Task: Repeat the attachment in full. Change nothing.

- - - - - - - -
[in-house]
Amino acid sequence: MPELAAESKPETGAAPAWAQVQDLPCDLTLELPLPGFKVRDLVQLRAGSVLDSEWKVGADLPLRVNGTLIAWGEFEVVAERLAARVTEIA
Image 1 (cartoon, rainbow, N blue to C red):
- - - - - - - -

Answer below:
[in-house]
Amino acid sequence: MPELAAESKPETGAAPAWAQVQDLPCDLTLELPLPGFKVRDLVQLRAGSVLDSEWKVGADLPLRVNGTLIAWGEFEVVAERLAARVTEIA
Image 1 (cartoon, rainbow, N blue to C red):